• The order passed by the Additional Sessions Judge was considered valid and free from any flaws.
  • The High Court’s decision to set aside the order based on the inadmissibility of the note written by the deceased was upheld by a two-judge Bench of this Court.
  • Factors considered in the summoning order under Section 319 of the CrPC included: presence of the second respondent with the deceased during the incident, being alone with the body when the deceased’s parents arrived, the height disparity in hanging possibility, potential tampering with the scene, and refusal to undergo a Narcoanalysis test by the second respondent.
  • The High Court upheld the summoning order, emphasizing the significance of evidentiary material as per the principles in the Hardeep Singh case.
  • The Police investigation findings led to the setting aside of the High Court’s decision as statements under Section 161 of CrPC were deemed insufficient for invoking Section 319 by the Trial Court.
  • The Additional Sessions Judge justified reliance on Section 114 of the Evidence Act due to the incident occurring in the matrimonial home with only the second respondent and the deceased present.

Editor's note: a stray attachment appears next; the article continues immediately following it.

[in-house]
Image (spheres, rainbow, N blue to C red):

Also Read: Legal Analysis: Sheikh Noorul Hassan vs. Nahakpam Indrajit Singh – Permissibility of Subsequent Pleading in Election Petition Proceedings


  • Mr Andleeb Naqvi, representing the appellant, argued that the Additional Sessions Judge correctly applied the legal test based on the Hardeep Singh case and evaluated the evidence of PW-1 according to Supreme Court principles.
  • He emphasized that the evidence of PW-1 and PW-2, if not rebutted, could lead to the guilt of the proposed accused.
  • Each circumstance noted by the Additional Sessions Judge for issuing summons under Section 319 was considered relevant material.
  • It was argued that the High Court erred by interfering with the summoning order without displacing the observations of the Trial Court, through a Section 482 application.